I never liked Biology class. Or dissection. Whenever attention was called to a body part, I could suddenly feel it, large and ominous in my body. The liver would announce itself, a five-pound weight in my abdomen. The kidneys would shift around conspicuously. As the teacher outlined each bone in the body, I could feel it: ulna, tibia, coccyx. A lecture about blood circulation? I could feel each tiny cell coursing a million miles an hour through my veins. The veins themselves would seem to pump up like Air Jordans, throbbing painfully in each wrist and elbow crook. I'd fold over with imagined pain as my lab partner sliced through rat skin, carefully extracted each gray, spongy lung. Perhaps it was the realization that we were all just a loosely knit grouping of pieces and parts. Life was suddenly illogical, strange, unlikely. What the heck was I doing, walking around?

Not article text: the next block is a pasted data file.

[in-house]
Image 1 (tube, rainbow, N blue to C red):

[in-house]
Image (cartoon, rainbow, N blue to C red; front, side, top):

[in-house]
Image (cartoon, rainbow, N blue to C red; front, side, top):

The Not-Really Book Club meets each month in Sacramento.